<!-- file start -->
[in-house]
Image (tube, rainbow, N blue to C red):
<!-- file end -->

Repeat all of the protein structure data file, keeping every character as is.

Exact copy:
[in-house]
Image (tube, rainbow, N blue to C red):